Concept: NY’s MLOps platform provider Spell has announced the launch of an operations platform that includes the tools needed to train AI models using deep learning algorithms. ML algorithms are tuned for the platforms currently used to train AI models. Deep learning algorithms require their own deep learning operations (DLOps) platform, according to Spell. The Spell platform uses tools developed by the company to assist enterprises to build and train AI models for computer vision and voice recognition applications that need deep learning algorithms to automate the entire deep learning workflow.

Nature of Disruption: The Spell platform is designed to handle the management, automation, orchestration, documentation, optimization, deployment, and monitoring of deep learning models across their full lifespan. Hundreds of trials with thousands of parameters across huge numbers of graphics processing units (GPUs) can be required to track and manage an AI model based on deep learning algorithms. While most existing MLOps platforms aren’t designed to handle deep learning algorithms, the Spell platform can be used to manage AI models that use ML algorithms. Although Spell does not provide any tools for controlling the lifespan of such models, data science teams can use the platform to integrate their own third-party framework. The Spell platform also saves money by activating spot instances, which cloud service providers make accessible for a limited period, whenever possible. According to the startup, this capacity can cut the entire cost of training an AI model by as much as 66%. This is crucial since developing AI models based on deep learning algorithms may cost millions of dollars in some situations.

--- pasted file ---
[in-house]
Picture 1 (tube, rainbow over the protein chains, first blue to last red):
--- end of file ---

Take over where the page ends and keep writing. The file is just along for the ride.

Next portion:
Outlook: Most AI applications will eventually be built utilizing a combination of machine and deep learning techniques. Indeed, as the creation of AI models using ML algorithms becomes more automated, many data science teams will devote more effort to developing increasingly complex AI models utilizing deep learning algorithms. As GPUs placed in an on-premises IT system or accessed via a cloud service grow more inexpensive, the cost of creating AI models based on deep learning algorithms should continue to fall. In the interim, while AI model creation procedures can converge, it’s doubtful that typical DevOps-based techniques to manage application development processes will be extended to include AI models. The startup claims that the more linear methods used today to create and deploy traditional apps do not lend themselves to the continual retraining of AI models that are susceptible to drift. Regardless, all of the AI models that are being developed must eventually make their way into a production-ready application. Many companies are currently grappling with the problem of matching the rate at which AI models are produced with the quicker rate at which applications are now deployed and upgraded. It will only be a matter of time before every app — to various degrees — includes one or more AI models. The challenge now is to figure out how to decrease the amount of friction that happens when an AI model has to be installed into an application.

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